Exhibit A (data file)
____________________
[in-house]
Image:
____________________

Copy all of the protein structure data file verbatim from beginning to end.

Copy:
[in-house]
Image: